The rise of virtual influencers in gaming

They're not real, but that won't stop them acting like it.

We're no strangers to the weird crossover world of in-game advertising, but what about when the video game escapes its coded confines to start selling us things in our own backyard? As marketing makes the move away from big budget showcases to the personal touch of influencers, how has the virtual product placement game evolved to keep up? This is the rise of virtual influencers in gaming.

Burnout Paradise's dynamic billboards were so last century. © EA

Burnout Paradise's dynamic billboards were so last century.

© EA

The groundwork for virtual influencers in games began at the point where they splintered off from traditional product placement in games. When someone thought that instead of simply putting old advertising methods into game worlds – like internet-connected billboards in Burnout Paradise that offer ad space to whoever wants to pay up – you could try doing things the other way around.

The clumsy movie model of having characters use the product you want to shift appears dated in games like Splinter Cell: Chaos Theory, where Sam Fisher seemed very concerned about the freshness of his breath. But then at some point, it must have occurred to someone that if you were just using video game characters as if they were actors in a movie, what's to stop you doing all the other brand deals actors do when they're off set? Certainly not the actor, because digital avatars don't really have agents to tell them not to.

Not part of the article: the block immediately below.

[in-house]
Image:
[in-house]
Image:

This is how we end up with Nathan Drake tumbling through a crashing plane clinging onto a Subway drink and foot-long for dear life. Whether it was the dawning realization that they could make their game characters say whatever they were contractually obliged to, or the tandem evolution of microblogging and social media, developers and publishers spied their opportunity.

The idea of the virtual influencer comes from a few of these confluences of technology around the end of the 2010s. The first is the platforms that enable influencers to do their influencing: Instagram, Twitter, Facebook, etc. The second is the readiness of a public to accept entirely fabricated digital characters as real entities. The groundwork for this was perhaps best laid by the most famous fake idol: Hatsune Miku.